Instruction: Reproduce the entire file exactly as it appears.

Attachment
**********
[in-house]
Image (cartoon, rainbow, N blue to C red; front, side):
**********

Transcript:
[in-house]
Image (cartoon, rainbow, N blue to C red; front, side):